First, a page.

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Budgets Are Moral Documents: Nuclear Weapons Funding and COVID-19 Response

We are one interconnected human family on this planet and at long last, it is time to recognize this fact. The cessation of funding and elimination of nuclear weapons would be a good-faith step in recognizing this reality.

As physicians and health practitioners we have warned for decades about the existential threats of nuclear war and climate change and vulnerability to global pandemics. (Photo: Scott Howe/DVIDS)

As physicians and health practitioners we have warned for decades about the existential threats of nuclear war and climate change and vulnerability to global pandemics. (Photo: Scott Howe/DVIDS)

April 15 is the day we traditionally know as tax day, the day when we fund our nation’s priorities.  It is also the time we fund the nuclear arms race that is spiraling out of control. This year tax day has been put on pause as much of the world has. As the world addresses the global health crisis of COVID-19, our country has the opportunity to reassess our priorities through the lens of caring for one another and basic human needs. For ultimately in the words of theologian Jim Wallis, of Sojourners magazine, “Budgets are moral documents.” How does this year‘s budget address those health and economic needs and inequalities which are so readily apparent at this time.

As our nation grapples with the health and economic impacts of COVID-19, we continue to fund nuclear weapons programs in the amount of 67.595 billion dollars for fiscal year 2020.

As our nation grapples with the health and economic impacts of COVID-19, we continue to fund nuclear weapons programs in the amount of 67.595 billion dollars for fiscal year 2020. This deprives cities, counties and states across the nation of critical funds in the midst of this health crisis. Large states like New York are spending in excess of 41/2 billion dollars and California spending over $8.7 billion on nuclear weapons programs robbing our treasuries of critical funds necessary at this time. The economically challenged city of Flint, Michigan dealing with their own COVID-19 cases and healing from their water crisis of the last decade will spend $9.6 million. Where is the sanity?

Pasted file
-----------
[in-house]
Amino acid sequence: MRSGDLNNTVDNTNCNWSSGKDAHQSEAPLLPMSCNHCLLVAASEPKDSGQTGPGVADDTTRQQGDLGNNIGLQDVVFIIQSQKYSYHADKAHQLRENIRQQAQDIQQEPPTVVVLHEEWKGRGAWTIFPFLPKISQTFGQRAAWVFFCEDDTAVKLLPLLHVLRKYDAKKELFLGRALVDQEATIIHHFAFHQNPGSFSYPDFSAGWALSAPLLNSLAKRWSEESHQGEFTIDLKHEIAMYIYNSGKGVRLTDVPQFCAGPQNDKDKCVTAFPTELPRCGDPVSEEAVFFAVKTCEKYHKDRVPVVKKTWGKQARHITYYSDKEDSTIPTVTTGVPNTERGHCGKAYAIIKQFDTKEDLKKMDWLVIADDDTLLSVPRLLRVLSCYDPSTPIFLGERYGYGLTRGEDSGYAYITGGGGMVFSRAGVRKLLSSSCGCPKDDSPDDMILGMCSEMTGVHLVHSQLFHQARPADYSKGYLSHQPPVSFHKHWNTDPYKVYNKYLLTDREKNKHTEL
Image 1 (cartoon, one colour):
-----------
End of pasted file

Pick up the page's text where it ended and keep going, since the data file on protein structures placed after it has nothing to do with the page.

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As physicians and health practitioners we have warned for decades about the existential threats of nuclear war and climate change and vulnerability to global pandemics. These threats are real and happening now.

This is a 9-11 moment when the whole world is ONE. We failed to recognize this after  9-11 entering into the most protracted, expensive and deadly war in our nation’s history. Let this not be a time when similar errors in response are made. We are one interconnected human family on this planet and at long last it is time to recognize this fact. The cessation of funding and elimination of nuclear weapons would be a good faith step in recognizing this reality.

Robert Dodge

Robert Dodge

Robert Dodge, a frequentCommon Dreams contributor, writes as a family physician practicing in Ventura, California. He is the Co-Chair of the Security Committee of National Physicians for Social Responsibility and also serves as the President of Physicians for Social Responsibility Los Angeles.

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